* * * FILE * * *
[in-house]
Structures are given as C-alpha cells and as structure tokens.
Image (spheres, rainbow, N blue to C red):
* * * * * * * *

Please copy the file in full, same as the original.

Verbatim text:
[in-house]
Structures are given as C-alpha cells and as structure tokens.
Image (spheres, rainbow, N blue to C red):